A wrongful death lawsuit has been filed against the Massachusetts state police after a man attempted to flee a DUI checkpoint on foot and officers allegedly piled on top of him, suffocating the man to death. Ultimately, at issue is whether the qualified immunity reserved for police officers applies in this wrongful death case.
The incident occurred in November 2009 after the victim approached a sobriety checkpoint on Route 114 in Essex County. The man had allegedly just lit a marijuana cigarette and upon seeing the officers attempted to put it out and buckle up.
One officer allegedly noticed the man’s swift actions and could smell of marijuana when his vehicle approached. The officer ordered the man out of the vehicle, which is when he attempted to flee on foot.
There were 33 officers on-site conducting the checkpoint, and between 10 and 15 quickly apprehended the man and brought him to the ground before shackling his legs and handcuffing him. Eleven minutes passed before the man was placed in a police cruiser.
By the time the man reached the Massachusetts police barracks, he was unconscious, and when an ambulance arrived, he had no pulse. He was pronounced dead at midnight. The medical examiner ruled the death a homicide after determining that the man died from “blunt impact of the head and torso with compression of the chest.”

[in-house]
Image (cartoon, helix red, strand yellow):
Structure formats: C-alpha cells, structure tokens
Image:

In the wake of this determination, the man’s family brought a wrongful death lawsuit against the town of North Andover and 17 police officers.
Earlier this month, a judge denied requests for summary judgment, ruling that a jury should decide most of the claims. Claims against officers that didn’t touch the victim or were not part of the scuffle were dropped.
“Defendants may be correct that this was precisely the kind of dangerous and rapidly evolving situation which qualified immunity was designed to cover but, in light of the many unsettled issues of material fact, that decision is properly reserved for the jury,” the judge held.
Source: Courthouse News Service, “Jury to Hear Claims of Police Pig Pile Gone Bad,” Rose Bouboushian, April 19, 2012